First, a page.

Military Families Expected To Spend Less On Thanksgiving

A new study shows a 9-point spike this year in the number of Military families scaling down their Thanksgiving festivities on account of budget worries.

Thanksgiving preps are in full swing, but for Military families and workers, this holiday season punctuates a year of budget cuts, furloughs and shutdowns.

And with next year's federal budget still uncertain, some are timid about going all out.

"It adds up, you buy a turkey, you buy a ham, you buy the sides, you're spending quite a bit, but now everybody is suffering," said Raylene Gill, Army wife and mother of six, who also has the a severely handicapped daughter in and out of the hospital.

Two rounds of 2013 furloughs have taken their toll on civilian's too.

"That would definitely influence some people, especially when you talk about DoD contractors, because the job security is gone," said Army Veteran Ryan Sutton.

According to a survey by Texas-based First Command Financial Services, economic worries are causing two out of three middle class, Military families to spend less this Thanksgiving.

"It doesn't surprise me at all, we're certainly cutting back," said Raylene.

Stay-at-home Military mom Tabitha Madrid has been saving up for the holidays all year.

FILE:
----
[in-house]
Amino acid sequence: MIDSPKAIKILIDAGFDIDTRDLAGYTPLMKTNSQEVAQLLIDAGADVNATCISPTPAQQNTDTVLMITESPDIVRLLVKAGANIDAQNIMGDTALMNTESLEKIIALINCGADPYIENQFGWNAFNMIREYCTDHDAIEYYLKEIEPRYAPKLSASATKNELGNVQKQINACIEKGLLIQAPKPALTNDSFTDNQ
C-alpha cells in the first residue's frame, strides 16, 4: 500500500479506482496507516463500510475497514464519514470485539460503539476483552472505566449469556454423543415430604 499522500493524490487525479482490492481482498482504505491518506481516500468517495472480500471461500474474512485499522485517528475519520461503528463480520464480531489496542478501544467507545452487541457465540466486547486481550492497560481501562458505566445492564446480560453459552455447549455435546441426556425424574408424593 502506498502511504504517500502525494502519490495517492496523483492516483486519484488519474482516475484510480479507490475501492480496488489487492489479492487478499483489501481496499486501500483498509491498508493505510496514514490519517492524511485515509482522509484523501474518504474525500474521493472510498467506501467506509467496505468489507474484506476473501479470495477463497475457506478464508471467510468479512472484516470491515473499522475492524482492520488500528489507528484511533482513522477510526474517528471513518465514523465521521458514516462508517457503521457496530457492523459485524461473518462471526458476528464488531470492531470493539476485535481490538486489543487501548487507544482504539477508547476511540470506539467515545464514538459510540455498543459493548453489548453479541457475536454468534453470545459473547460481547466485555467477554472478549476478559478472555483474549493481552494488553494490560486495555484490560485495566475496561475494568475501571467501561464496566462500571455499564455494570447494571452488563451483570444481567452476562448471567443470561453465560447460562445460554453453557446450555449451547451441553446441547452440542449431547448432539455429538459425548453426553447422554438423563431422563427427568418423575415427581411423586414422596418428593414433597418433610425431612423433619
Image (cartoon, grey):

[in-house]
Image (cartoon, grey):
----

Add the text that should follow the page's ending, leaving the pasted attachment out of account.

"I start the day after Christmas, Christmas shopping. That way we can do it throughout the year," she said.

"We have a deep freezer, so throughout the year, if we find a turkey on sale, we'll buy a turkey and then stick it in the freezer," added Tabitha.

Some Military families, who give our country so much more than they could ever be compensated for, have taken their financial fight to the web

Facebook pages, like Savealotmom, pop up around Military installations, so that families can join forces when it comes to discounts and savings.

And though every family's needs and resources are different, the true meaning of the holidays remains the same.

"So I'm sure our kids will be fine, and we'll just do a lot smaller of a meal, and no traveling," said Raylene.

She's thankful for what they do have and hopeful about the new year.

Reporter: Sophia Stamas

Photographer: Chris Buford


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